#4 Things Fintech Companies Expect From Upcoming Budget
The fintech market is forecasted to touch USD 2.4 billion by 2020.
The fintech industry is at a very nascent stage in India and yet, has been able to disrupt the entire financial sector with cutting-edge innovation, technology and consumer first attitude.
In fact, according to NASSCOM report published earlier last year, transaction value among fintech companies was estimated to be approximately USD 33 billion in 2016 and is expected to reach USD 73 billion in 2020, growing at a five-year CAGR of 22 per cent.
To top it all, the fintech market is forecasted to touch USD 2.4 billion by 2020.
From a fintech committee to government’s commitment to support blockchain initiative, union budget 2018-19 had a lot of interesting announcement for the startups in the segment to cherish upon.
With the interim budget just around the corner, leading fintechs companies from the country share their wishlist with Entrepreneur India:
Strengthening the Fintech Committee
In the last union budget speech, Finance Minister Arun Jaitley announced the setting up of the fintech committee within the Ministry to Finance to support the growth and development of the domestic fintech space. The committee was also expected to look into ease regulations which would further boost entrepreneurship in the space.
Adhil Shetty, CEO, BankBazaar.com expects this budget to take up from where the last budget had left off.
“We hope that this budget further strengthens the mandate of the fintech committee to make India the top fintech innovation centre in the world by ensuring policy to fast track paperless and presence-less access to finance,” he shared.
Concessions on Digital Transaction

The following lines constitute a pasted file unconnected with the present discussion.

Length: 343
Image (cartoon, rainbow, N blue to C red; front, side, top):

The fintech industry is hoping that the government will look at schemes that would promote digital transactions, which further support the Digital India scheme.
There are incentives for merchants who accept digital payments, however, Mandar Agashe, Founder and Vice Chairman, Sarvatra Technologies thinks similar initiatives can be introduced to the customers who use digital payments online as well as offline merchants.
“Currently there are no incentives for end users or customers to use digital payments which can be introduced in this budget so that there is an incentive for both parties (customer as well as the merchant) to use digital payments. This way even those customers using bank apps or government apps who don’t provide cashback like other consumers apps will have the incentive to use digital payments,” Agashe said.
Additionally, he also feels fintech companies working in rural India should be given subsidies for building awareness which will enable them to onboard more and more rural population on to the digital platforms.
Clarity on e-KYC
The 2018 Aadhaar Verdict, which stalls private companies from accessing the data stack, has created turmoil in the industry and growth has been hampered as getting a customer’s e-KYC is no more a cake walk.
The fintech industry is hoping the government could provide a solution to this problem.
“We hope the government provides more clarity on the e-KYC process which has created a lot of ruckus in the system. An alternative and smoother way of processing KYC should help ease the cumbersome process of new customer acquisitions. Also, a new policy framework for adoption of newer technologies like Electronic National Automated Clearing House (e-NACH) and DigiLocker will help the industry and the end consumer at large,” V Raman Kumar, Founder & Chairman, CASHe noted.
From Google to Facebook, 2018 has been a year of data breaches. Considering the kind of data financial companies deals with, the Indian government should look at building a breach-proof cybersecurity system for the country.
Even though the government has strengthened its measures to curb cyber frauds with the National Security Council Secretariat functioning as the nodal agency, Gaurav Chopra, Founder and CEO, IndiaLends says, “they should implement stricter laws and policies and conduct programmes to spread awareness about cyber threats and how to deal with them.”
I am a Mumbai-based journalist and have worked with media companies like The Dollar Business Magazine, Business Standard, etc.While on the other side, I am an avid reader who is a travel freak and has accepted foodism as my religion.